The extent of bridging and callus as between the two groups was subjectively rated by trained radiologists who were “blinded” to the underlying data, i.e. the radiologists did not know which of the animals were of the treated group and which were of the control group. The ratings were based on a scale of 0-5 in which 0 indicates complete healing and 5 indicates no healing. The ratings indicate that the group treated with the method and apparatus of the invention fared significantly better in terms of both bridging and beneficial callus than the control group.
FIG. 5 is a plan view of an inflatable cuff suitable for use in the instant invention. FIG. 6 is a cross-sectional view of the cuff of FIG. 5. With reference to both figures, the cuff 10 is in the form of an elongated strap of sufficient length to extend around the circumference of a limb of a user at or near the site of a bone fracture. Cuff 10 comprises an inflatable bladder 12, formed from two elongated plastic layers 14, 16, having a seal 17 around their mutual perimeters. The layers 14, 16 can be formed from any air-impervious, flexible material capable of maintaining a seal. Polyvinyl chloride is one suitable choice, polyurethane is preferred. The seal 17 can be formed by known means such as heat-sealing, RF-sealing, welding, sonic welding, and the like. Disposed within inflatable bladder 12 is a piece of flexible open-celled foam 19. The foam piece 19 serves to maintain the bladder in an inflated condition, and facilitates manufacturing. The foam piece 19 can also provide additional comfort to the user. Inflatable cuff 12 is provided with a port 22 through which extends one end of a flexible tube 24. Tube 24 can be connected to inflatable bladder 12 by known connecting means, preferably releasable, such as a lockable luer connector. The opposite end of tube 24 is connected to a pump means, now shown, such that tube 24 provides fluid communication between the pump means and the interior of inflatable cuff 12. The pump means is controlled by a programmable controller, also not shown. Such pump means and programmable controllers are well known in the art.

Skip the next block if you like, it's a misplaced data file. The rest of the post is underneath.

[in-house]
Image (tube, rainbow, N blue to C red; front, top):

Cuff 10 further comprises at least one piece of non-elastic fabric 26 having an external surface 28 facing away from the user's limb and an internal surface 30 facing toward the user's limb. Surface 28 is provided with a field of hook-engageable loops on at least a portion thereof. Surface 30 is affixed to inflatable bladder 12 by adhesives or other suitable means. Alternatively, non-elastic fabric 26 can be part of a sleeve that surrounds inflatable bladder 12 with an orifice therethrough to accommodate tube 24. At one end of fabric 26 is a tab 32 having a field of hooks 34 on the same side of tab 32 as surface 30 of fabric 26.
In practice, the cuff 10 is applied to the user's limb at or near the site of the bone fracture, such that the surface 16 of bladder 12 is facing toward the user's limb. The cuff 10 is wrapped around the user's limb and secured by attaching field of hooks 34 on tab 32 to an appropriate location on the field of hook-engageable loops on surface 28 of non-elastic fabric 26. The programmable controller is set to cause the pump means to inflate the bladder 12 to a predetermined pressure for a predetermined compression period, and then to release the pressure for a predetermined recovery period. The pump means can include a pressure release means such as a pressure release valve to allow for the release of pressure from the bladder 12 during the recovery period. The controller also can be programmed to provide alternate periods of compression and recovery for a predetermined duration of therapy.
The above embodiment is described for purposes of illustration and not by way of limitation. Other embodiments, features, modifications, and equivalents will be readily apparent to those skilled in the art upon reading of the foregoing description of the invention.